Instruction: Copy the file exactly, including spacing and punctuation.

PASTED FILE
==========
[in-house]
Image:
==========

[in-house]
Image: